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About 30 people attended Deer Select workshops in the morning, then toured Invermay's 140ha deer farm before listening to presentations in the afternoon.
Invermay has 550 breeding hinds, 14 stags and 180 replacements.
There was an update on Deer Select from programme manager Sharon McIntyre and project leader Geoff Asher. Scientist Colin Mackintosh spoke of results of work on drenches and parasite control and Frank Griffins talked about his Johne's disease work.
Mr Coup joined Dinz last year.
"While not quite the heady days of helicopters in driveways, the velvet market is better and there is no reason to think it is not going to keep trundling along quite happily," Mr Coup said.
He was also "cautiously optimistic" about the venison industry, particularly regarding the European main markets.
"We have hit the bottom of the cycle and heading up in the next few years."
Opportunities opening up in Asia contributed to that optimism.
While the national herd was declining and there was competition from Spanish and Polish feral deer coming on to the market, the northern European markets remained positive.
He wanted to see the industry move away from its five-to-seven-year cyclic nature, and increase product differentiation away from poorer quality product competition. The industry's Passion 2 Profit programme was also moving forward.
The programme had applied to the Primary Growth Partnership for further help to provide on-farm tools for farmers.
"We have had feedback that they like the idea and now we are part way through developing a business case."
Dr Asher discussed results from the three-year Deer Progeny Test programme run across herds at three sites, including Invermay.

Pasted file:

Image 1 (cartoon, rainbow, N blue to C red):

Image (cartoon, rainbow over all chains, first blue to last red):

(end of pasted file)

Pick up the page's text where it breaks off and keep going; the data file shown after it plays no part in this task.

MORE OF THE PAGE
It had been looking at improving sire linkage between herds, providing a plat› form to evaluate breeding values across breeds, and providing a starting point for evaluation of maternal traits.
He said the 24 herds in the programme were now linked so that it was possible to produce genetic comparisons across all herd animals.
Farmers were able to compare the traits of an animal from one farm with those in the other herds and do so with a reasonable level of confidence.
That would improve both genetic gain as well as meat quality and sensory traits and temperament.
He said a Single Nucleotide Polymorphism chip with 50,000 gene markers (which can identify individual genes for an animal in a DNA sequence) for deer had been developed and would be released later this year.
Dr Mackintosh reported on research into parasite control and the efficacy of oral, injection and pour-on Moxidectin and Abamectin drenches for killing parasites in weaner deer.
While there was a 100% kill rate for lungworm and oesophagia, the kill rates for ostertagia ranged from 4% to 87%, with pour-on being the least effective. A 95% kill rate is considered a critical level.
- by Yvonne O'Hara